General Motors earlier this week sent a letter to Washington Gov. Chris Gregorie asking that a proposed $100 EV surtax be removed from the state’s transportation bill (Senate Bill 6455, ESSB 6455) on the grounds that it will create a disincentive toward the purchase of an EV. The proposal currently excludes vehicles such as the Chevrolet Volt, which can run part of the time on gasoline.
Proponents of the surtax argue the fee is needed to offset losses in state gas tax revenues since EV owners don’t need to buy gas. GM believes this proposal is misguided and will hurt sales and market adoption of EVs. The small number of pure EVs on the road at this point have a negligible impact on state revenues, GM argues.
Electric vehicles are a promising new and evolving advanced technology. Independent studies consistently conclude that price is a barrier to adoption of the technology, this concluding the need for incentives...Conversely, a fee which singles out electric vehicles will be a disincentive to the growth of the electric vehicle market in Washington State.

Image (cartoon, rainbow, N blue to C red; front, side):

As a practical matter, there are currently so few electric vehicles on Washington’s roads today that their impact in replacing fuel tax revenues will, for now, be negligible. Finally, on the question of fairness, broader consideration should be given to assuring that taxes and fees fairly relate to the use of the system and that they are technologically neutral (i.e. do no favor certain technologies over others). ESSB 6455 does not contemplate any of these important questions.
...We believe that all beneficiaries of the system should pay their fair share of the costs for preserving, operating and improving the statewide transportation system. To that end, we applaud you intent to commission the Road user Future Funding Task Force, and we stand ready to be a contributor to the process.—Letter from GM